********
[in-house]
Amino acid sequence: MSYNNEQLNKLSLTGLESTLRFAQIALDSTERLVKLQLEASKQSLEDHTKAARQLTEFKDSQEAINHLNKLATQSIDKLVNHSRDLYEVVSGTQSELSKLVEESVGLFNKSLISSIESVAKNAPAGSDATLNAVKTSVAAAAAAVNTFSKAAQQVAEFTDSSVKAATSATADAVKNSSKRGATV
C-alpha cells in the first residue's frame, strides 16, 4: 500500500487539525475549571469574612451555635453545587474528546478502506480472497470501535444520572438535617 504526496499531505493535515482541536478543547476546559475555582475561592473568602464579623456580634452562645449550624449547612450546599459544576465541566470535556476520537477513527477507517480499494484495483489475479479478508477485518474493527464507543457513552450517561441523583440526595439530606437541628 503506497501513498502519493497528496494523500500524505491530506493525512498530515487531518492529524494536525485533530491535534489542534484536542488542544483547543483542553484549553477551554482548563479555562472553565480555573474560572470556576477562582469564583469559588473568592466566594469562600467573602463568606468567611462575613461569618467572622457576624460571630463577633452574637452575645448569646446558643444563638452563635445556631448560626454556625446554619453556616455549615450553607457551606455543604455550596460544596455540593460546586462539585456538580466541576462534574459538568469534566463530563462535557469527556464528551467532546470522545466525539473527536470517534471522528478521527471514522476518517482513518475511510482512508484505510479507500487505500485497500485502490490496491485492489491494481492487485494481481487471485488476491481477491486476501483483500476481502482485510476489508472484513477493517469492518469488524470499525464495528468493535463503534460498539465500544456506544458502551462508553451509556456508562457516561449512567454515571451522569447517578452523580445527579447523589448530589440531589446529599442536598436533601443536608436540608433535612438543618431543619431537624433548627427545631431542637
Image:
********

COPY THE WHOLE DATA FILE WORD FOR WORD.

[in-house]
Amino acid sequence: MSYNNEQLNKLSLTGLESTLRFAQIALDSTERLVKLQLEASKQSLEDHTKAARQLTEFKDSQEAINHLNKLATQSIDKLVNHSRDLYEVVSGTQSELSKLVEESVGLFNKSLISSIESVAKNAPAGSDATLNAVKTSVAAAAAAVNTFSKAAQQVAEFTDSSVKAATSATADAVKNSSKRGATV
C-alpha cells in the first residue's frame, strides 16, 4: 500500500487539525475549571469574612451555635453545587474528546478502506480472497470501535444520572438535617 504526496499531505493535515482541536478543547476546559475555582475561592473568602464579623456580634452562645449550624449547612450546599459544576465541566470535556476520537477513527477507517480499494484495483489475479479478508477485518474493527464507543457513552450517561441523583440526595439530606437541628 503506497501513498502519493497528496494523500500524505491530506493525512498530515487531518492529524494536525485533530491535534489542534484536542488542544483547543483542553484549553477551554482548563479555562472553565480555573474560572470556576477562582469564583469559588473568592466566594469562600467573602463568606468567611462575613461569618467572622457576624460571630463577633452574637452575645448569646446558643444563638452563635445556631448560626454556625446554619453556616455549615450553607457551606455543604455550596460544596455540593460546586462539585456538580466541576462534574459538568469534566463530563462535557469527556464528551467532546470522545466525539473527536470517534471522528478521527471514522476518517482513518475511510482512508484505510479507500487505500485497500485502490490496491485492489491494481492487485494481481487471485488476491481477491486476501483483500476481502482485510476489508472484513477493517469492518469488524470499525464495528468493535463503534460498539465500544456506544458502551462508553451509556456508562457516561449512567454515571451522569447517578452523580445527579447523589448530589440531589446529599442536598436533601443536608436540608433535612438543618431543619431537624433548627427545631431542637
Image: